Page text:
Salon owner helps lift women out of poverty

She went to for a chance to combine her love of travel and hairstyling, but Sherwood Park’s Alannah Zilkowsky gained so much more out of her first Hair Aid experience.

Zilkowsky, owner of Paper Rock Hair in Sherwood Park, recently traveled to Manila in the Philippines to teach women at a government-sponsored drug rehabilitation centre how to cut hair.

In the aim to teach 200 women in total, she was part of a contingent of 21 other hairdressers from all over the world; Australia, the U.S., Sweden, Germany. All were volunteering with Hair Aid, an Australia-based charity that trains women in basic haircutting skills and men in barbering so they can break the poverty cycle and support their families with an income.

Over the week-long trip, she helped nine women at the treatment centre learn five basic hair cuts; a straight line, an angled bob, a v-cut (aka Rachel’s cut from Friends), short older ladies’ cut, and long layered cut. Zilkowsky noted these skills transcend borders, language differences and empower these women with the confidence to take control of their lives.

“Just how excited they were to learn, that was memorable for me. One of the ladies who had never been in school before said, ‘Thank you for giving me the opportunity to learn a skill’. By the end last day when we were graduating the ladies, we were blubbering messes. They drew up this card of the cartoon Garfield, where he was a barber with shears, and they wrote us all of these personal notes thanking us for teaching them. How appreciative they were and how dedicated they were really struck me. They were really motivated,” Zilkowsky recalled.

The eruption of the Taal Volcano on Jan. 12 threw a curveball into the mix as it dramatically impacted air quality. That forced the trainers to hunker down at one of the sites that had proper ventilation for one day, instead of spreading across the seven sites as planned. That also condensed the program from five to four days.

The Sherwood Park salon owner noted these women had to work hard to pass the intensive program.

“Hairdressing is a two-year apprenticeship program in Canada, so they’re not proficient hairdressers when they graduate but by the end of the five days. They’ve cut at least 10 live models’ hair and are proficient in all five haircuts. They have to be able to actually do the haircuts to get their certificate. Hair Aid has been working in Manila for 10 years, they work with the government, so when they graduate from the program and they get their certificate that said they got the five-day training, that actually holds a lot of value in the hairdressing communities there. This actually helps people get jobs in tiny, little salons. Because the Hair Aid holds weight, we don’t just pass people through because we want to be nice, it’s not just a participation ribbon, they need to be qualified.”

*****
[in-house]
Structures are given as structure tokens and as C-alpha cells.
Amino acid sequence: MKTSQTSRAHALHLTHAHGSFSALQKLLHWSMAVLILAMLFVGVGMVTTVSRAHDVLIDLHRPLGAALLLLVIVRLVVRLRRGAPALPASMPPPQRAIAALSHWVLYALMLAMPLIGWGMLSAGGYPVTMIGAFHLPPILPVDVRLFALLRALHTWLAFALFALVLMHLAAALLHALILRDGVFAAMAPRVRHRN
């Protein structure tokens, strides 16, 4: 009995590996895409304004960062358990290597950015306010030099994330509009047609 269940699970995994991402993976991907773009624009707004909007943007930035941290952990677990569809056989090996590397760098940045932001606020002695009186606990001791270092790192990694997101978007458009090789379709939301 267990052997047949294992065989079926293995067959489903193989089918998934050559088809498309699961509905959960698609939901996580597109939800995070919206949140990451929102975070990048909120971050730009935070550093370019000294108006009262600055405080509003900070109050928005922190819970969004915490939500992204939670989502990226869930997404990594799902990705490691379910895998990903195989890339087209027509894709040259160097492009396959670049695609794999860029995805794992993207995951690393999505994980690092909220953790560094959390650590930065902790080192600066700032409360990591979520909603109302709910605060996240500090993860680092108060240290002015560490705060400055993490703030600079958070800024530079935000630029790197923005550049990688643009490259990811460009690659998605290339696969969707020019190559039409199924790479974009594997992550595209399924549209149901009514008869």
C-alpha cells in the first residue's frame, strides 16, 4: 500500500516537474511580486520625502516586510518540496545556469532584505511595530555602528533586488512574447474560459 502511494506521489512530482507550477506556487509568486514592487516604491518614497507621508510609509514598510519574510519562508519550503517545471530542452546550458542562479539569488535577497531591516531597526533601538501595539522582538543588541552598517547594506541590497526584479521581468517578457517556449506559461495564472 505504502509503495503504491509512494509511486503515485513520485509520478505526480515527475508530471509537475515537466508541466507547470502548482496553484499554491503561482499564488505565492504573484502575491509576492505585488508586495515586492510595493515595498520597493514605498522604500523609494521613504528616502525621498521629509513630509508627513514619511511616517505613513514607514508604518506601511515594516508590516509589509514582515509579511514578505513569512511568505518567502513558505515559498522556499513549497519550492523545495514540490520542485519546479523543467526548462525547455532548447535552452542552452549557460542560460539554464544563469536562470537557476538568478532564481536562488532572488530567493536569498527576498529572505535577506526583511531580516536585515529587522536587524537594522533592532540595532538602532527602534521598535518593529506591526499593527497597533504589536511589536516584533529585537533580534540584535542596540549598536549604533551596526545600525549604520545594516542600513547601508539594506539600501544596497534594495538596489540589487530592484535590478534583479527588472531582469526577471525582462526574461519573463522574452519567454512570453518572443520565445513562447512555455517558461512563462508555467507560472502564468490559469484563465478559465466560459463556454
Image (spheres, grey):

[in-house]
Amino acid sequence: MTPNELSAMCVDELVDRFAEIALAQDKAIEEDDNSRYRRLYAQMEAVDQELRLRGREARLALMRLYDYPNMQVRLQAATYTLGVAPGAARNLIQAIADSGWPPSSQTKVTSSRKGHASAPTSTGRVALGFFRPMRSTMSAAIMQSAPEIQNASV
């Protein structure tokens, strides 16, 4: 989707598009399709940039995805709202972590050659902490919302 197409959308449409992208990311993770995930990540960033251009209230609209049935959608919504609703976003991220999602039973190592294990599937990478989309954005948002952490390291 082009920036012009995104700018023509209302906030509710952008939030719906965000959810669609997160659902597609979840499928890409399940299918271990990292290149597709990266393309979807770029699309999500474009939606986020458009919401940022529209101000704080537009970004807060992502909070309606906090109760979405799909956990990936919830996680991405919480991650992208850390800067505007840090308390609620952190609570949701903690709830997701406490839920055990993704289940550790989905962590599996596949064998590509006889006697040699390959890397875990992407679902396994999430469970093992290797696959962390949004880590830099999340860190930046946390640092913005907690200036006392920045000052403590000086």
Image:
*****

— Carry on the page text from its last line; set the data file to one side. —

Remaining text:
The personal stories behind the scissors and capes will be what Zilkowsky will remember.

“There were a couple of rockstars that were naturally gifted. There was one lady who thanked me saying Ma’am Alamma thank you so much for teaching me, this was the first time I’ve ever learned anything. She thanked me for being patient with her. She showed me pictures of her six kids, one was in nursing school. She said this was the first skill I’ve ever had and my kids aren’t proud of me when I do drugs, so they’ll be proud of me doing hair, I hope. And here I am tearing up, but then I had people yelling across the room to go look at their hair.

“Just these women’s stories, the poverty there is on a different level than what it is here. We have homelessness here, but it’s nothing like it is there, so this really is giving them a lifeline to give them a skill. Even if it’s to cut your neighbour’s hair to trade for a bag of rice, that’s something they didn’t have available to them before,” she added.

Hair Aid celebrated its 10 year anniversary in 2020, which has produced 5,000 trainees in Manila.

“I would love to do it again. It was a really good experience. I can’t believe how amazing these women were. By the end of the first day, they did a straight line haircut on a live model and when I was in hair school, I think it was two weeks before we were allowed to do that to a mannequin head, and they rocked it. It was really cool to see the impact that the week of training had,” said Zilkowsky.